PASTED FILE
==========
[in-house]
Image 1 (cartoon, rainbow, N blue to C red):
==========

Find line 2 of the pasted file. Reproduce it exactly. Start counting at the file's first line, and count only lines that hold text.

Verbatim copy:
Image 1 (cartoon, rainbow, N blue to C red):